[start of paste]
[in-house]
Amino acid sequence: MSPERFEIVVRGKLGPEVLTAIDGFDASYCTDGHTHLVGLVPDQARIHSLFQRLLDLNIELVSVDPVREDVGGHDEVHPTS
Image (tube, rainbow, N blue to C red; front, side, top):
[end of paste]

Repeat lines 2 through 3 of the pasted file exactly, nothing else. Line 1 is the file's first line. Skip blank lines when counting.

Amino acid sequence: MSPERFEIVVRGKLGPEVLTAIDGFDASYCTDGHTHLVGLVPDQARIHSLFQRLLDLNIELVSVDPVREDVGGHDEVHPTS
Image (tube, rainbow, N blue to C red; front, side, top):